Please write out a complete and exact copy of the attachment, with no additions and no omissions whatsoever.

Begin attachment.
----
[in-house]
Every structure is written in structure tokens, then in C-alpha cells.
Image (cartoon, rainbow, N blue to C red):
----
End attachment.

[in-house]
Every structure is written in structure tokens, then in C-alpha cells.
Image (cartoon, rainbow, N blue to C red):